The Essential Benefits of Valerian - Uses, Doses and Interactions

What is Valerian?

Valerian is a perennial plant that grows to about 4 feet in height and has almond-shaped opposing leaves with sweet-smelling white or pink flowers.

There are over 200 different species of valerian found in Japan, China, Europe, North America, and India. The plant blooms from the top of the stems in the summer months, and the valerian root has a distinctive odor that is very pungent in nature.

Valerian root (Valeriana officinalis) has a long history of being used to promote sleep and is commonly sold as a dietary supplement today.

Valerian Root Active Constituents:

  • Gamma-aminobutyric Acid (GABA).
  • Alkaloids-actinidine, chatinine, skyanthine, valerianine, valerine.
  • Valepotriates-valerates, dihydrovalerates, valerosidate.
  • Volatile Oils-monoterpenes, sesquiterpenes, valerenyl esters.
  • Phenylpropanoids-caffeic and chlorogenic acids.
  • Sesquiterpenoids-valerenolic acid and acetylvalerenolic acid.


valerian root

Historical Use

Although not specifically named in Roman or Greek medical writings, Hippocrates was believed to be using valerian root as a medicinal agent for sleep problems as early as 420 BC.

Valerian root has been used in Europe, Asia, North America, and Australia; as documented in Greek, Anglo-Saxon, Medieval, and Renaissance texts. It was used to promote sleep, as a sedative, to relieve nausea, and for urinary and gastrointestinal issues.

Modern Uses

Valerian root is most commonly used to promote sleep in people with mild to moderate insomnia. In addition to promoting sleep, it has also been used to calm nerves, as a natural sedative and to help relieve premenstrual symptoms.

Mechanisms of Action

Most of the modern research on this herb centers around the traditional use of valerian root sleep preparations, as well as its use as a sedative and muscle relaxant.

Researchers have paid close attention to the effect of valerian root on the GABA neurotransmitter receptors. Although clear results have been demonstrated, the mechanism with which valerian affects these receptors is not clear, and more research is needed.

Valerian Benefits

Herbal supplement experts have been talking about the benefits of using the supplement valerian for some time now. Below are some of the many reasons why more and more people are using valerian root supplements.

1. Natural Sleep Support

The most common of the many valerian benefits is its relaxing effect on the body.

People with trouble getting a good night's rest use valerian to help relax the body and induce sleep. It is not uncommon for people to go through phases where they are unable to get comfortable or cannot sleep at night due to some unknown reason. But when they start to use valerian, they find that they can calm themselves and are able to get back to a good night's sleep.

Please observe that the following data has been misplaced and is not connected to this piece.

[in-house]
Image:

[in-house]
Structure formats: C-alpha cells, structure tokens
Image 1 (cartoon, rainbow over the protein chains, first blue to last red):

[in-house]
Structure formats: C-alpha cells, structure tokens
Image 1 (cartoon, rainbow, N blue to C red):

Since it is an herb, it is a natural solution to restlessness, with little or no side effects. *

2. Management Support for Daily Stress

Another one of the valerian benefits is that it can also help with calming people who are in a nervous state. When you are getting ready to make a presentation or if you find yourself nervous over a pending life challenge, then valerian can help to calm your nerves and allow you to focus. *

Woman with her hands in her belly with a little sunflower in her belly button.

3. Helps Ease Menstrual Symptoms

Another known use for Valerian herb is to help reduce menstrual symptoms such as cramps, irritability, fatigue, sadness, etc.

A double-blind study on 100 women, found that the group taking valerian had greatly reduced premenstrual physical symptoms such as menstrual cramping, along with reduced emotional and behavioral symptoms as compared to the placebo group. *

Valerian Root Adverse Effects

Valerian studies have shown very few adverse effects from the use of this herb. *

Valerian root should be used with caution in children under 3 years of age, and in women that are pregnant or lactating. It is always wise to consult a physician trained in herbal and holistic therapies.

Drug Interactions

There is little information available about adverse reactions between valerian root and prescription drugs. However, caution should be used when combining any valerian root sleep formula with drugs that are used for insomnia, anxiety, or as a sedative, because of potential additive effects.

Valerian Dosage

The usual recommended dosage for valerian is 450 milligrams to 900 milligrams one hour before bed.

When taking a standardized extract, or a valerian root sleep formula that may contain other ingredients; it is recommended that you follow the instructions listed by the manufacturer or consult a doctor trained in herbal medicine.

Herbal Roots Valerian is non-GMO with no fillers, binders, soy, or gluten. It also has no high fructose corn syrup, sugar, wheat, tree nuts, soy, peanuts, or preservatives.

Herbal Roots Organic Valerian Supplement

* Recommended source: National Center for Biotechnology Information.

*This article is intended for informational purposes. The statements above have not been evaluated by the Food and Drug Administration (FDA). This product is not intended to diagnose, treat, cure or prevent any disease.